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Highwayman Curtis Arnett Visits Sarasota Exhibition

Written by on Saturday, March 30, 2024

Joining him was the son of another Highwayman.


By Ramon Lopez

Original Air Date: Mar. 27, 2024

Host: One of the last surviving members of the Florida Highwaymen was in town this weekend. Ramon Lopez was there to report about this group of painters and their exhibition in Sarasota.

Ramon Lopez: The Highwaymen,  a group of 26 artists — 25 black men and one black woman, Mary Ann Carroll. These working class, blue-collar Floridians painted landscapes throughout the Sunshine State in the 1950s.  Their artwork freed them from picking oranges. Most were from the Fort Pierce area.

The Florida Highwaymen were prolific painters who sold their artwork on Florida highways and back roads from the trunks of their cars. This, because they were excluded from exhibiting in art galleries in the Jim Crow South. Two-dozen of their oil and acrylic paintings are currently on display at Sarasota City Hall, 1565 1st Street, thanks to Roger Lightle of Vero Beach, a successful businessman and Highwaymen art collector. He has picked up 650 Highwaymen oil paintings over the years. The paintings are now sought after by collectors, and they have been exhibited across Florida and nationwide. Lightle is doing all he can to get the Highwaymen story before the public.

Roger Lightle: A story that should be heard. These positive stories should be heard about, and shared with others. And look what they’ve been able to do. They created paintings that will be viewed for generations to come. I have no doubt that will occur. It’s a story that I don’t believe a Hollywood screenwriter could create. It encompasses so many things. You have an era of time, the 50s, when this started. This story has really kind of had a lid on it.

RL: The self-taught artists and entrepreneurs scavenged for materials — such as discarded wallboard for canvasses, and tossed crown molding for picture frames — to create a body of art that captured the state’s natural beauty. They were inducted in the Florida Artists Hall of Fame in 2004. Only five of the 26 Highwaymen are still alive, with Roy McLendon Sr. passing away in early March at 91.

Roy McLendon Jr.: He was a real mild man, real quiet, and I got a lot of that from him. 

Roy McLendon Jr.

RL: Arts Advocates this month exhibited and offered for sale 60 Florida Highwaymen paintings in the Arts Advocates Gallery in the Crossings at Siesta Key Mall. Florida Highwayman Curtis Arnett was there on March 23rd to sell a handful of his paintings and tell stories.  So was accomplished artist Roy McLendon Jr., who spoke of his father while demonstrating his painting techniques. As a teen, he painted alongside his father.

RMJ: Yeah, when I started painting this was probably when I was probably eight years old. And I appreciate having the abilities to go and work with my father as I did in my early age.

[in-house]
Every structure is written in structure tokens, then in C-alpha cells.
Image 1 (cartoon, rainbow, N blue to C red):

RL: At 73, Curtis Arnett, is the youngest surviving Highwayman.

Curtis Arnett: I used to draw,  and I just started drawing, and one year my mother asked me, “Well, what do you want for Christmas?” And I said, “A paint set.” So she bought me a watercolor set. And I’m like, “Oh, thanks.”  And I used to cut up pieces of cardboard box, and paint Lois Lane and Clark Kent out of the comic books. That’s the first thing that I started painting. And then I went from that.  And then I start painting, kind of like, everything I saw. I would draw it and then I would paint it. And that’s kind of how I got started. The first painting that I sold  was a 12 by 16.  And I made $6.  I’m going to paint until I can’t paint anymore. I mean, I’ve done it for 60 years. And it’s kind of like, in your blood now. 

Curtis Arnett

RL: Sarasota Mayor Liz Alpert and Commissioner Kyle Battie were on hand at the gallery for the showing.

Liz Alpert: Today, what we’re doing is we’re celebrating and honoring a relevant moment in Florida’s rich cultural timeline, while also recognizing the struggles the 25 men and one woman endured for their passion for painting vibrant landscapes of Old Florida. Today, the artists and their work represent an enduring legacy of perseverance and beauty sought by many collectors and institutions across the country.

Kyle Battie: It’s an esteemed honor to have them display their works on the walls of City Hall. Particularly here in Sarasota, you know, we have our own history, particularly when it comes to race and ethnicity and inclusion and diversity in the city, and the highwaymen represent just that.

RL: This is Ramon Lopez for WSLR News.

 

 

WSLR News aims to keep the local community informed with our 1/2 hour local news show, quarterly newspaper and social media feeds. The local news broadcast airs on Wednesdays and Fridays at 6pm.